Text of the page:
Dodger was a finalist this year for the Printz award (the young adult equivalent of the Newberry), and for good reason – loosely based off the Dodger character from Dickens (or rather, this book provides a character that could have been that Dodger’s inspiration), Pratchett’s account of the underbelly of post-Victorian London is horrifying, disgusting, and exhilarating. It is also fearless in how is portrays human nature and resilience. Read more about Dodger here.

Round Two of voting will match the winners of Part One with the winners of Part Two – and will go up Friday after Thanksgiving. I hope everyone has a happy holiday, and remember to pass this on to all your literary friends!

Voting Begins!

Before we get to the polls, I wanted to share an adorable story with all of you: most of the songs and rhymes I do for my storytime are carried over from week to week, so there’s a lot of repetition.  (When the new session starts in January, I will be planning out a whole new storytime which will stick through the winter/spring session.)  We have been doing “This Old Man, He Played One” every week, and a rhyme with scarves that goes “Fingers like to wiggle waggle, wiggle waggle, way up high” (down low, side to side, etc.). “This Old Man” plays to limited success, but the wiggle waggling is the favorite of many children.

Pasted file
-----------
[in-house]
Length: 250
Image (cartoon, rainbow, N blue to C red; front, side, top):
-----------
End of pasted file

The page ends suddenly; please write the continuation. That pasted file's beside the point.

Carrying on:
One of my regulars had to attend a different storytime because of his caregiver’s work schedule last week. When it ended, he came out of the storytime singing “wiggle waggle” to the precise tune of “This Old Man.” He also proceeded to remix some of the other songs he’d heard in that morning’s storytime, and his accuracy and pitch on the tunes was almost perfect.

This kid is just shy of three. It was the cutest remix I’ve ever seen.

Voting!  Sorry this is going up a day later than expected – putting the polls together was more time consuming than I expected.

Round One, Part One: Fantasy

A boy wizard an his owl versus a girl and her daemon – both destined to change the world. Harry Potter deals with classism, The Golden Compass with religion – both take place in worlds of magic, and both have some of the most beautiful prose I’ve ever read. Haven’t read them? Read more about Harry Potter here and The Golden Compass here.